We often associate the word “depression” with unemployment. However, a new study indicates the two are linked, and not just when the former means economic downturn. A new study by Bloomberg Rankings shows a clear link between unemployment and depression–specifically, the use of drugs for treating depression.
The Link Between Unemployment and Depression
The study did not show that the long-term unemployed lacked a job because of depression. Rather, the study linked rates of unemployment and depression drugs. Thus, what the study found was unemployment linked to depression, not the other way around.
The study did not just find a link between unemployment and depression drugs. Stress-related drugs, such as antacids, also enjoyed increased sales during times of higher unemployment. It’s not much of a surprise that the long-term unemployed are stressed out and depressed.
Depression Due to Unemployment?
The study focused on market trends to the exclusion of other metrics. This means there is no way of knowing if the findings represent depression due to unemployment or not. While the findings present strong correlation–to the tune of 93 percent –one of the first things intro statisticians learn is that correlation is not causation.
Freakonomics has built an entire cottage industry around exploring unexpected and unintended consequences of social phenomenon and public policy. When measuring the interaction between the complex systems of the American economy and its participants, it’s nearly impossible to draw a straight line from one set of statistics to another, regardless of how well they might match up.
The Long-Term Unemployed and Mental Health
Americans have reason to be stressed about economic matters. One in six Americans has trouble affording basic necessities like food, health care and housing. Further, even those Americans who find work generally don’t find work that pays as well as their last job. Known as “wage depression,” some studies show that this effect lasts as long as 20 years.
Anxiety and depression aren’t the only mental health problems associated with the Great Recession. Studies also link compulsive behavior to unemployment. For example, the Republic of Ireland has seen a spike in sex addiction since the Great Recession began.
Alternative Explanations for Unemployment and Depression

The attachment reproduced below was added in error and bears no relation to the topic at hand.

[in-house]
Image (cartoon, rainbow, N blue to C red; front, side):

The Bloomberg study itself calls in question a clear link between prescription drug use and the economy. Acid reflux might have more to do with America’s growing obesity epidemic than it does anything to do with unemployment. Some experts maintain that the growth in the use of antidepressants has more to do with marketing success on the part of Big Pharma than it does with people seeking treatment for depression while unemployed.
The study misses one important question: If people are unemployed, how can they afford doctors visits, never mind a regular influx of prescription drugs? It’s unlikely that someone in dire financial straits is spending money on doctor’s appointments or increasing their monthly expenses with new prescriptions to buy.
The study also found correlation between unemployment and drugs for pain, cholesterol and erectile dysfunction.
Is There a Real Link Between Unemployment and Depression?
While many people certainly suffer from unemployment due to depression, the study by Bloomberg is not conclusive. Primarily, the study is limited by its scope.
It would be interesting to interview some of the long-term unemployed and see what they have to say about unemployment and depression. Further, another study should quantify the use of antidepressants for the first time by people who are unemployed and correlate their depression to unemployment.
While depression due to unemployment is almost certainly a very real phenomenon, it is hard to tell just how big of an impact the phenomenon is having on society.